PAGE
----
Archive 1979 to 1990 In 1984 he received a grant from the Graham Foundation for the Advanced Studies in the Fine Arts, which resulted in a comparative photo-essay entitled The Italian Hilltown and the American Main Street Small Town. The... [more]
1979 to 1990
In 1984 he received a grant from the Graham Foundation for the Advanced Studies in the Fine Arts, which resulted in a comparative photo-essay entitled The Italian Hilltown and the American Main Street Small Town. The photographs were exhibited at the il Diaframma Gallery in Milan and the Graham Foundation Gallery in Chicago. During this period his photographs were accepted for permanent collection in the Corcoran Museum of Art, the International Center of Photography and the Carnegie Museum of Art. In 1985, in collaboration with the Italian architectural critic Antonio Saggio, a second Graham Foundation grant was awarded. The project was a comprehensive study of the work of Giuseppe Terragni, an Italian neo-realist architect working in Milan and Como during the 1930’s. The photographs were published as a book entitled Giuseppe Terragni, Vita e Opere.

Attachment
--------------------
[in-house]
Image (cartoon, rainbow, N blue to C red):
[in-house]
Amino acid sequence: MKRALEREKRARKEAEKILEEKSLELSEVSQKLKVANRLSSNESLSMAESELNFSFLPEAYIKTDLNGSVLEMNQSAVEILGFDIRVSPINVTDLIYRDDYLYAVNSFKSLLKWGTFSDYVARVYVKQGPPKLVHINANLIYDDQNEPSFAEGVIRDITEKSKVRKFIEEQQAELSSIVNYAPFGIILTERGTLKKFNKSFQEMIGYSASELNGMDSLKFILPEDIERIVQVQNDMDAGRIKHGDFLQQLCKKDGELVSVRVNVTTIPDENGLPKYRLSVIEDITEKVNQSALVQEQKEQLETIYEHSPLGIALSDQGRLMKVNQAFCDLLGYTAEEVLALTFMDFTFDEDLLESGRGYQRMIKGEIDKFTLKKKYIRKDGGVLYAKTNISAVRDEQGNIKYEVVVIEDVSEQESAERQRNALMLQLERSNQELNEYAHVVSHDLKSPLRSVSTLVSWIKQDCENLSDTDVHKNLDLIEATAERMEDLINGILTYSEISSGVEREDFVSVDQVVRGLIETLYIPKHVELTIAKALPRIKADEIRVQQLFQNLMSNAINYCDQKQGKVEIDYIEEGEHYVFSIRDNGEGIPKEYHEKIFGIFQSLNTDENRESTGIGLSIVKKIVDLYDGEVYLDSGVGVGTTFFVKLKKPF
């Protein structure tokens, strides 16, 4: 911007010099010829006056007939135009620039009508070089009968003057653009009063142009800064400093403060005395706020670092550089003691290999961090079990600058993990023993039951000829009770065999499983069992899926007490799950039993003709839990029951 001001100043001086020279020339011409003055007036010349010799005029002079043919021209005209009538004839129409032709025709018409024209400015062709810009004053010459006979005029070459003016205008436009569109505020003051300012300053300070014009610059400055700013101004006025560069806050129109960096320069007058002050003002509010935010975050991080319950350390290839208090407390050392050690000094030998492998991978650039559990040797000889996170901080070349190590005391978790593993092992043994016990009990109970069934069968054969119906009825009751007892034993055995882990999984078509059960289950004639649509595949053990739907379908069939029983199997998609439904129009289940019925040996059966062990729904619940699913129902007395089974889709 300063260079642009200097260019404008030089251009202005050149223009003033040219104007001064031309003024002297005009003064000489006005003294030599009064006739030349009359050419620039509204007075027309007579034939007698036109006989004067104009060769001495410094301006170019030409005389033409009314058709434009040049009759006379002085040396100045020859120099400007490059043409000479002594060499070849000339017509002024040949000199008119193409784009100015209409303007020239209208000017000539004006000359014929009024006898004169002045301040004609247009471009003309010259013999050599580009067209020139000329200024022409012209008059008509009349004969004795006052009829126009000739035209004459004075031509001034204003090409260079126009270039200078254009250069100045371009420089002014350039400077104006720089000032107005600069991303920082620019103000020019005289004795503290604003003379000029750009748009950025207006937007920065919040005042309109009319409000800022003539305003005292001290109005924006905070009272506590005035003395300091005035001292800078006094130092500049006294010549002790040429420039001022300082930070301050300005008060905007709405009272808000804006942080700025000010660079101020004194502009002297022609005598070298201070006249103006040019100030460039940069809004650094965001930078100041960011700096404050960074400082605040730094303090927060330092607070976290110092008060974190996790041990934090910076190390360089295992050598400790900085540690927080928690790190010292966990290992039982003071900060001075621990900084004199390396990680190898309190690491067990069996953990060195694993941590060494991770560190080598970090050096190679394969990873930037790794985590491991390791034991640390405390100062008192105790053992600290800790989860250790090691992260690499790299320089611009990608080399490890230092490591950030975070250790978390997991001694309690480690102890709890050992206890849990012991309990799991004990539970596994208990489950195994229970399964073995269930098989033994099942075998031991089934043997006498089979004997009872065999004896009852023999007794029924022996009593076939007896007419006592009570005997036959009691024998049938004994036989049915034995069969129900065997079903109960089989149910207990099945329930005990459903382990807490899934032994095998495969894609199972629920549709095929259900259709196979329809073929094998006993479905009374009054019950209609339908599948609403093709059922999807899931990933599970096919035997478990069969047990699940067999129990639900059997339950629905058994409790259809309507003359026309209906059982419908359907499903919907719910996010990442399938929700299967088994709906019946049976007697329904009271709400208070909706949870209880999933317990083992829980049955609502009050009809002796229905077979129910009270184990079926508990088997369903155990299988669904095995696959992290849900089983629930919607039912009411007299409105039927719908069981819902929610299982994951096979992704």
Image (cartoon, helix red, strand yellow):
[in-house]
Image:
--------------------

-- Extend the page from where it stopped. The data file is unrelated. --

1990 to 2001
For a decade Marsico’s work centered on editorial travel photography. Travel Holiday, Travel &Leisure, and The New York Times Sophisticated Traveler commissioned him regularly. In 1992 he won the Society of American Travel Writers Foundation’s Lowell Thomas Award for the best magazine black and white photography feature, entitled Winter in Tuscany, written by Saul Bellow. The next year he received the top color photography award for the photo-essay Paradise, a story documenting 13 towns named Paradise. In this same commercial period Absolut Vodka (1993) commissioned Marsico for a series of 16 travel vodka ads. Among those were Absolut Rome, Absolut Portugal, Absolut Seville and Absolut Polynesia.
A Smaller World incorporating new mediums
2002 to 2009
Firmly based in a less global and more personal world and armed with new image-making skills, Marsico returned to being the social observer with the hope of addressing current societal issues. Works created in this period represent a radical departure from the photographer’s established working practice. His more recent work engages in a visual dialogue with photography, letterpress printing, encryption and triggered lighting.